Issues of browser compatibility for RWD dimish each and every day as users of Internet Explorer upgrade their browsers. This section will be removed when it is largely no longer an issue.

Alternatives to RWD

Sometimes there are reasons to not implement responsive web design. Following are some common alternatives.

Don't worry about mobile

One alternative is simple: don't worry about having any sort of mobile version of your website. The implementation will be less expensive, and all users will still be able to use your website.

If your website is not responsive, users will usually need to pinch and zoom on smaller devices like smartphones. This experience is not ideal but is workable.

Lastly, if you initially build your website to not be responsive, making it responsive later can be quite challenging and expensive. RWD is more of a foundational practice and not simply something that you "add on" to your website.

All in all, this is generally not a good path to take. Mobile is continuing to grow at a rapid pace, and your website needs to be ready for it.

Separate mobile site

Some websites will serve an entirely different interface with different code if they detect that you have a mobile device (particularly if it's a smartphone).

This approach can be useful if there is a very specific need to have an interface streamlined for the context of using a smartphone. A minimal amount of code is downloaded, and web designers can focus their efforts on just the mobile interface, rather than weaving it together with the full website's code.

Mobile version of the New York Times website

The New York Times provides a separate mobile version of its content at

Disadvantages of creating a separate mobile site

  • You end up with a separate website to update and maintain in addition to your full website.
  • Users will often switch devices when researching products and services. If you provide a separate experience and different content in each context, that will often lead to confusion and lost sales.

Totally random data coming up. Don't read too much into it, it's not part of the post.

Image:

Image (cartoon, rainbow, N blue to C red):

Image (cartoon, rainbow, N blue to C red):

• Sharing links between the 2 versions of the site via email and social media often leads to frustration, especially when a reliable link to the "full site" is not easily accessible.

Fluid-width layouts

Some older websites have layouts that will shrink or expand to the width of your device. Each column in the interface is set to be a percentage of the screen's width, and the layout sticks to those percentages no matter what.

This approach is fairly predictable and low-maintenance. You know that each column in the layout will always take up a specific percentage of the screen.

Primary disadvantage of fluid-width layouts

This approach ends up looking really bad when the screen width is narrow.

A website with a fluid width

A traditional fluid-width website looks messed up when you're using a device with a narrow width. In this example, some of the main paragraph text is so condensed that only 1 word appears on some lines.

How to implement responsive web design

The RWD technique mainly involves use of CSS @media queries and some other CSS coding techniques, but sometimes JavaScript and server-side technologies are also utilized to enhance the user experience.

Responsive grid frameworks

A responsive website can be coded fully from scratch, but "reinventing the wheel" is an absurd task after you consider the wide array of responsive CSS frameworks available. These frameworks handle mundane implementation details and cross-browser support, and they often add additional styles for commonly-used interface elements.

Best of all, the popular CSS frameworks are peer-reviewed by thousands of web designers, so they are usually free of major bugs.

My favorite CSS grid frameworks are used in most of my new web projects:

Mobile First

Along with RWD comes another common approach called "Mobile First." The Mobile First approach involves building the responsive website's small smartphone version first—and then enhancing it from there for larger screen sizes.

Mobile First is a decision, and I have decided to use Mobile First on all RWD projects.

This approach tends to be cleaner than building the website starting from the large desktop version because the smaller mobile version forces you to be intentional about prioritizing content and design elements. When developing the mobile version, you need to answer questions like, "Which content is most important? Which content is second-most important?" Et cetera.

From there, you can adapt the larger-screen versions of the website to better utilize the extra screen space, and you already have your design priorities defined by the mobile version.

The term "Mobile First" was first coined by Luke Wroblewski in a November 2009 blog post.

  1. Why you need a responsive design for your website, Chris Peters
  2. Responsive Web Design, A List Apart
  3. Responsive Web Design book by Ethan Marcotte
  4. Responsive web design, Wikipedia
  5. Microsoft Home Page, an example of effective responsive web design
  6. The New Multi-Screen World Study, Google Think Insights
  7. Mobile version of New York Times website, an example of a separate mobile site
  8. Zurb Foundation CSS framework
  9. Twitter Boostrap CSS framework
  10. Mobile First, Luke Wroblewski